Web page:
#stores running values from report generator

        #user selections


        #used in the partial query

        #counter for number of report results


    return dict()

Our summary_report_display view has a javascript function defined that calls our web2py function get_progress_on_summary_report every 3 seconds, the get_progress_on_summary_report does the heavy lifting.

{{extend 'layout.html'}}</pre>
<h1>Generating Reports</h1>
<h2>This may take a while if you have a lot of walkthroughs - but you can monitor progress below...</h2>
<div id="progress"></div>
<div id="summary_report_show"></div>

Here is the code in the web2py controller for summary_report_display that sets up the progress bar display and the javascript call to get_progress_on_summary_report every 3 seconds.

progress = DIV(_id="progress")
wrapper = DIV(progress,_style="width:400px;")
summary_report_show = DIV(_id="summary_report_show")

def summary_report_display():

    callback = js.call_function(get_progress_on_summary_report)
    page.ready(jq(progress).progressbar( dict(value=request.now.second) )() )
    return dict(wrapper=wrapper)

The get_progress_on_summary_report function in the web2py controller does most of the work.

def get_progress_on_summary_report():

    if session.summary_break==0:


        #base query includes all walkthroughs

        #build the query list based on user selections

        #if user hasn't selected 'All' for an individual search/filter term, then add to the query
        if session.school_select!='All':

        if session.semester_select!='All':

        if session.year_select!='All':

        if session.class_select!='All':

        if session.teacher_select!='All':

        if session.observer_select!='All':

        #handle start / end date if user entered same
        if len(session.datestart)>0:
            date_object = datetime.datetime.strptime(str(session.datestart), '%Y-%m-%d')

        if len(session.dateend)>0:
            date_objectEnd = datetime.datetime.strptime(str(session.dateend), '%Y-%m-%d')
        #create query from list
        summary_report_query = reduce(lambda a,b:(a&b),queries)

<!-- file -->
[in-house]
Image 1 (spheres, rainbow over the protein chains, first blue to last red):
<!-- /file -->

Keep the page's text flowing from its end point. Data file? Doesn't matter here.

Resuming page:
rows = db(summary_report_query).select(limitby=(session.summary_i*session.summary_m,(session.summary_i+1)*session.summary_m))

        for r in rows:

            # do something with r
            for w_record_result in list_walkthrough_result:
                if not type(w_record_result.f_result) is NoneType:
                    if w_record_result.f_result==None:
                        #do nothing
                        if w_record_result.f_result in session.dictGraphVariables:

        if len(rows)
<a href="summary_reports_complete">Click Here to View Graphs</a>'
                return_value='Report generation complete - there are ' + str(session.summary_overallcount) + ' results.


            return jq(summary_report_show).html(return_value)()

The core of the the iterative process is the query below, it pulls a chunk of rows (size defined by summary_m) each cycle.

rows = db(summary_report_query).select(limitby=(session.summary_i*session.summary_m,(session.summary_i+1)*session.summary_m))

This performs our operation in chunks, once there are no more rows the function changes state and then returns a link to the summary_report_show view page which will parse the results and present them to the user, if no results are produced then the operation tells the user.

This approach will let you perform queries or db updates against an very large set of records without triggering the timeout.